10/21/2015 10:25PM

Gisser: Plenty of life after racing

Keith Gisser
Heidi Leasure and Allamerican Legacy defeated 16 other Standardbreds to win the English Pleasure class at the World Standardbred Show.

This weekend, most of the top performers in our sport will be in action in the Breeders Crown at Woodbine in Ontario. It is a showcase weekend for harness racing. Will Bee A Magician win her third Crown? Can the seemingly ageless Foiled Again stun the Open Pacers? Can Wakizashi Hanover or Freaky Feet Pete stake a claim to divisional honors? Will Control The Moment stay perfect?

Regardless of this weekend’s results, at some point in the future these amazing performers will see their racing careers end. For Bee A Magician, there is a second career as a broodmare. For Freaky Feet Pete and Control The Moment, likely stallion careers. And with their notoriety, geldings Foiled Again and Wakizashi Hanover are probably assured of great homes in retirement. Is there any doubt that Foiled belongs at the Kentucky Horse Park when he is finished racing?

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But many racehorses retire less gloriously. And many Standardbreds never make it to the races. What happens to them? Most fans of the sport have heard of the Standardbred Retirement Foundation and New Vocations Racehorse Adoption program, to name just a couple of great organizations that make sure non-racing Standardbreds are well cared for in their non-racing life. But racing fans and the public rarely hear these horses’ stories. I admit, I never gave the topic much of a thought.

Until last weekend, when I attended the World Standardbred Show at the Eden Park complex in Sunbury, Ohio. There were Standardbreds (and a smattering of other breeds) galore represented and I have to say I have never been more impressed with our breed than I was after attending the show. I saw Standardbreds jumping; Standardbreds driven through a ten-gate cone course, with gates barely wider than a jog cart’s wheels; I saw them ridden in dressage, Western and English events. And I even saw some dressed in costume, accompanied by Minions. Hey, it’s not all serious competition.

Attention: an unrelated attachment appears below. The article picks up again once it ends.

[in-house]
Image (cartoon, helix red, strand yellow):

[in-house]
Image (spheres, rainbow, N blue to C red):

I have always been amazed at the versatility of our breed, as a light-duty work horse, as a transport horse (these days pretty much limited to Amish families), and of course in the sulky. But this was an eye-opening experience for me. And, just maybe, we have found a way to create racing fans. At the Harness Horse Youth Foundation, many of our campers have riding experience, but never were involved in driving and become fans of the pacer and trotter afterwards. If we can reach out to this huge riding community at shows like this, and show them the ability the Standardbred has, maybe some of them will go to the races. Or at least adopt a retired racehorse.

While industry support for the show, through class sponsorships, was strong, attendance was not. I did see a few Northfield Park regulars, and even some of the track’s horsemen. Several folks mentioned they went to Scioto now and then. But those stands could have been filled (By the way, free admission and great barbecue in the concession area- just sayin’). The volunteers who put on this show work ridiculously hard and I am sure they are far more concerned with their exhibitors and competitors than with how many people are in the stands, but we need to get the word out. Events like this compliment racing. I spoke with exhibitors from Michigan, Ontario, Tennessee, Kentucky and Pennsylvania, and while some had racing backgrounds or experience, many did not. And even if we in the racing biz can reach those who are showing, we build a new audience. The show includes several classes for horses just off the track, and in fact, some horses who are still racing competed (there’s that versatility again). There are also a couple of classes for ‘warhorses,’ horses with at least 100 career starts. But not all these Standardbreds have a great racing history.

The late Jack Tramonte purchased a son of Dragon Again named Allamerican Legacy as a yearling for $25,000 in 2004, eventually bringing in partner Ed Mullinax on ownership of the horse.  Allamerican Legacy never made it to the races, but he is making up for lost time in the show ring for owner Debbie Guiles Schiff. Over the weekend, at age 11, he won 21 classes, including four World Championships.  Amazingly, Allamerican Legacy won each of his World Championships with a different rider or driver! He won the 2-Gait English Pleasure World Championship with 10-year-old Kassidy Leasure at the reins; the Saddleseat Championship with Becky Pitcock riding, and the 2-gait Western Championship with Kassidy’s mom, Heidi Leasure, in the saddle. And he won the Youth Driving World Championship in line to Avery Smith.  Needess to say, “Al,” was the overall top point Standardbred in the show, as well. This is a horse which could easily be used to promote the Standardbred in many, many ways, including racing, and his connections attempt to do just that.

“Al LOVES the kids and has done in hand demos at the Equine Affaire in Columbus the last 5 years in the kids pavilion - in addition to demos in the Coliseum,” Schiff explains. “We adopted him from New Vocations and he has been a joy to be around ever since.”

If a racehorse went on a winning streak like this, the industry media would be all over it. In the show ring, not so much.We are missing a great opportunity to promote, or perhaps cross-promote, racing at these shows. And Allamerican Legacy’s story is just one of many I heard from exhibitors. But its Breeders Crown week and I am out of space, so those will have to wait. Now go cash.

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